The Climate of Coastal Florida
Coastal Florida's year-round mild temperatures and almost constant sunshine lure families weary of the gray skies and cold of the north. The Gulf of Mexico and the Atlantic Ocean alternately provide cool breezes in summer and warm ones in winter. Winters are usually dry and mild while summers are wet. Sea breezes help to alleviate the summer heat and humidity. Florida's coastal areas remain slightly warmer in winter and cooler in summer than inland destinations. The Gulf Stream, flowing around the western tip of Cuba through the Florida Straits and northward along the lower East Coast, makes southern Florida one of the warmest places in the continental United States during the winter.
Frequent afternoon thunderstorms temper the summer heat. In fact, Florida has more thunderstorms than any other state. On the positive side, thunderstorms can lower temperatures as much as 20°. You'll find that these summer thunderstorms most frequently occur in an area from Tampa east to Daytona Beach, then south to Cape Canaveral and west to Fort Myers, which averages 100 days of lightning per year. Overall, Florida receives 50 to 65 inches of rain per year, but that amount can vary from 80 inches in Pensacola to 40 inches in Key West. The Panhandle has two rainy seasons, one from late winter to early spring and another during summer. Statewide, April and November are the driest months. Generally, more than 50 percent of the total annual rainfall for the state falls between June and September. Add to that the average of thirty tornadoes that touch down each year from April to June.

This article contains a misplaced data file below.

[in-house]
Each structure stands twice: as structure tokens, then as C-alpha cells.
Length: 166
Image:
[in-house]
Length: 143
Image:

Average Temperature Range
The hottest months along Florida's coasts are June through August, when the daytime temperature can soar to 95°. Daytime winter temperatures average between 45° and 70°, dropping to as low as 40° in northern Florida and 70° to 80° in the southern half. Springtime has the lowest relative humidity, between 65 and 70 percent. Summer temperatures are more or less uniform throughout the state, with average highs around 90°. and lows seldom falling below 70°. While summer can bring hot afternoons, offshore breezes keep life comfortable in most regions near the coast.
The hurricane season lasts from June through October, with most of the hurricanes occurring in September or October. As this could put a damper on your vacation plans, you should check the Weather Channel (www.weather.com) or the National Weather Service (www.nws.noaa.gov) before your departure in case you have to reschedule your visit. Miami's National Hurricane Center tracks storms by radar and satellites. If you're already in Florida, tune in to local radio or television stations for up-to-the-minute advisories and evacuation warnings. Most storms that enter Florida approach from the south or southwest, entering the Keys, the Miami area, or along the west coast.